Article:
Czech composer Leoš Janáček, like many of his contemporaries, was a preservationist. He worked to document the folk songs of Bohemian and Moravian culture, sometimes tabling more serious works in favor of posterity. As time went on, the forms he was working to sustain began to synthesize with his own. The painful realities of rearing, then saying goodbye to, children seeped into nursery rhymes. His admiration for fellow countryman Antonín Dvořák gave way to an unusually powerful set of choruses. Classical label Harmonia Mundi, always in touch with the more obscure but no less wonderful nuggets of music history, is now on a mission to preserve these works of Janáček. Cappella Amsterdam work in conjunction with conductor Daniel Reuss to bring these choral masterpieces to the modern listener with Leoš Janáček: Choral Works.
First comes the “Six Moravian Choruses,” representing a passing of the baton from Dvořák to Janáček. Dvořák had already done the dirty work here by originally penning these themes as duets. Janáček then extrapolates them into full blown choruses, really putting the room microphones to the test with such dynamic range. The only accompaniment may be a piano, but they can really pack the fortissimos, as on the shape-shifting third movement. In only 11 minutes, Leoš Janáček: Choral Works has already gotten off to a great start.
The next 11 minutes are devoted to texts from German composer Johann Kuhnau in the form of two extended works: “The Wild Duck” and “The Wolf’s Trail”. The first selection is languid and low key, but “Wolf’s” harmonically skewed piano introduction wastes no time telling us which style, Baroque or Romantic, is boss here. The tenor sounds like he’s the one being hunted. After that comes one of Janáček’s most noteworthy works, “Elegy on the Death of My Daughter Olga”. By all accounts Janáček and his wife felt destroyed when their highly talented but ill daughter’s fragile health finally collapsed. The tragedy also proved to be the final nail in the coffin of their excuse for a marriage. Though they stayed legally married, they existed as far apart as two human beings can. How anyone can summon strength to complete such a fully realized work after going through that is bewildering. Nevertheless, “Elegy on the Death of My Daughter Olga” is full of colorful swirls, courtesy of Cappella Amsterdam’s perfect blending of voices.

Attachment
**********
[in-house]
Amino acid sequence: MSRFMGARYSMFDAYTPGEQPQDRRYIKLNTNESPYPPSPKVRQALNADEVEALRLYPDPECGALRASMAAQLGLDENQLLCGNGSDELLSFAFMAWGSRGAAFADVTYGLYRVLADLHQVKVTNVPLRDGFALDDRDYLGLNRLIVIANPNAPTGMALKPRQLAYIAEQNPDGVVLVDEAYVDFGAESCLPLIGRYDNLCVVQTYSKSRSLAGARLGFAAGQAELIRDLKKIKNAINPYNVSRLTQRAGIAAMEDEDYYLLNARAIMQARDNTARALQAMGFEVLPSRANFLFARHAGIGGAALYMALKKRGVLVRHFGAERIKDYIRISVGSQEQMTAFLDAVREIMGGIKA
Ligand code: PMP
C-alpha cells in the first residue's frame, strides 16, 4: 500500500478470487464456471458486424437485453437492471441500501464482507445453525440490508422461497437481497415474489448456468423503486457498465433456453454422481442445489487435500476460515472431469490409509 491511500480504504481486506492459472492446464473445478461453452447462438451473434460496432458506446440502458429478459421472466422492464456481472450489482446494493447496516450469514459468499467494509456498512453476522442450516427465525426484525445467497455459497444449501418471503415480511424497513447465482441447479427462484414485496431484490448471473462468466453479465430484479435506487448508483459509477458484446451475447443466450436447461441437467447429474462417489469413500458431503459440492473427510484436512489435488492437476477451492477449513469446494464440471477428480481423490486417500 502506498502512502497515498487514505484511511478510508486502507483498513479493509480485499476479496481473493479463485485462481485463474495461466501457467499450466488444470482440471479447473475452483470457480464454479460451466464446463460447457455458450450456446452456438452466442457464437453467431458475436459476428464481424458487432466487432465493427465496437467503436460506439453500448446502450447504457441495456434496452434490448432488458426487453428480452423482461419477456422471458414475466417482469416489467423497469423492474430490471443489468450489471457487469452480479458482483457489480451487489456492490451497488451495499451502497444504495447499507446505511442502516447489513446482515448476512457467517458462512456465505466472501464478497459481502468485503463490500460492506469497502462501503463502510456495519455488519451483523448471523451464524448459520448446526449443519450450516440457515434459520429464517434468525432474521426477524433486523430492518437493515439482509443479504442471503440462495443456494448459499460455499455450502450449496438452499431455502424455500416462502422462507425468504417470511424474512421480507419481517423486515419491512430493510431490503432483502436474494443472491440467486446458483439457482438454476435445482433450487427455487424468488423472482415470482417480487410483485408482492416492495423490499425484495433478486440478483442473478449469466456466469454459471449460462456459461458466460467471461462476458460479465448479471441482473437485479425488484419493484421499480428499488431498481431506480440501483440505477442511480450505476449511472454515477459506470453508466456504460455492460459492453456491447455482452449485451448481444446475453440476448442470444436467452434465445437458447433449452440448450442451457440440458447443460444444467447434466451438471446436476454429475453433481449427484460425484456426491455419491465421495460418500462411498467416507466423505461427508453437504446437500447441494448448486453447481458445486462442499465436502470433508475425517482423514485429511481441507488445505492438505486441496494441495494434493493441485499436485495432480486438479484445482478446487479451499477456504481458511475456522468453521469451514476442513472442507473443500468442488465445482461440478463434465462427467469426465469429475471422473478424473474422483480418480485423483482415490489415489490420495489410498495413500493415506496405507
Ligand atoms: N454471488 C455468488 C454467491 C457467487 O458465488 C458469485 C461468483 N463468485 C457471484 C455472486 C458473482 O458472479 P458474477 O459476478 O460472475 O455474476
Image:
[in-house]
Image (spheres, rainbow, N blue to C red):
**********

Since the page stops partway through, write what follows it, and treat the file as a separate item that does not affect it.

Tracks 10 through 28 are adaptations of the nursery rhymes of Michel Lambert. The piano is joined by just a handful of wind instruments. This is where things get a little weird on Janáček’s end. There is just a bit of absurdity to titles like “The Beetroot Got Married”, “Grumpy German Broke the Pots”, and “Granny’s Crawled into the Elder Bushes”, and Janáček seems content to run with it. Melodies don’t flow with a lilt; they get jerked around at the mercy of his pen, challenging the vocalists’ abilities and the listener’s tolerance. After all, aren’t nursery rhymes supposed to have an accessible melody that a child can latch on to? That they can hum later on? No way. Not at this moment, at any rate.
Leoš Janáček: Choral Works wraps up with three powerhouse numbers, arguably the highlights of the collection. “Our Evenings” doesn’t even feature the choir (performed on what sounds like a bandoneón), but that’s compensated for by the men’s voices in “Ave Maria”. “Our Father” gets the final word in 16-minute splendor, celebrating the marriage of Eastern and Central European themes, texts of the distant past, and contemporary composition. It’s a microcosm of the album as a whole. Old, new, and borrowed, Leoš Janáček: Choral Works will last forever.